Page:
“The first time I read this manuscript it shocked me.” —J. Denny Weaver, in the C. Henry Smith Series Editor's Foreword
Summary: Once the Pentecostal peace witness extended throughout the movement and around the world—but was eventually muted and almost completely lost in the American Assemblies of God. This book tells the story of that shift. As Alexander documents, "The war church is a harlot church!" said an early twentieth-century fiery Pentecostal preacher—reflecting the conscientious objection and nonviolence that was the official position of the Assemblies of God, 1917-1967. But by the end of the twentieth century, the majority of AOG pastors in America believed that Jesus himself would support war and that they should kill for their country if necessary.
Comment: "With the Pentecostal movement growing more rapidly than any other branch of Christianity, this book helps us understand how it lost its original deep commitment to the Prince of Peace and to peacemaking. But is also suggests that Pentecostals may yet reclaim this invaluable element of their heritage." —Harvey Cox, Author, Fire From Heaven; Hollis Professor of Divinity, Harvard Divinity School
"This is a gripping, powerful, and prophetic book. Alexander documents the transformation—more accurately: devolution—of the American Assemblies of God over the course of the twentieth century from its roots as an antiwar, pacifistic, and peace-seeking church into a nationalistic, militaristic, and Americanist denomination, even while raising important questions for the Pentecostal witness in the twenty-first century." —Amos Yong, Ph.D., Professor of Theology and Director of PhD Program in Renewal Studies, Regent University School of Divinity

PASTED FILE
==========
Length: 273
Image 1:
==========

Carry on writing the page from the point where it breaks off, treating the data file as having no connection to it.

"Provocative and well researched, Alexander’s contribution to the history of American Pentecostal history and theology should be required reading for anyone who takes faith and academic inquiry seriously." —Arlene Sanchez-Walsh, Associate Professor, Church History and Latino Church Studies, Haggard Graduate School of Theology
"Alexander tells a story of the loss of a corporate crucifist vision, but more than that, he reveals how communities of faith can barter away important elements of Christian identity for acceptance and influence. The implications of this study are worth examining by all traditions asking the question, 'Will our children have faith?'" —Cheryl Bridges Johns, Professor of Christian Formation and Discipleship, Church of God Theological Seminary
"Alexander has paid impressively extensive and accurate attention to the health that is intrinsic to Pentecostalism, and his diagnosis is full of suggestions for the direction of new life." —Glen Stassen, in the Foreword
Market: Scholars, professors, and graduate students; historians of pacifism and the Assemblies of God; anyone interested in the AOG and how Christian groups move from conscientious objection to support for warmaking.
Shelving: Peacemaking, pacifism, nonviolence; History—Assemblies of God. BISAC: Religion, Social Sciences. RTM: 690 Religion/Ethics
The Author: Paul Alexander, Professor of Theology and Ethics as Azusa (CA) Pacific University, is a Pentecostal peacemaker and justice seeker who after cheering the 1991 bombing of Iraq discovered nonviolence in his Assemblies of God heritage. In 2001 Alexander founded Pentecostals and Charismatics for Peace and Justice.
Cascadia Publishing House
© 2009 by Cascadia Publishing House LLC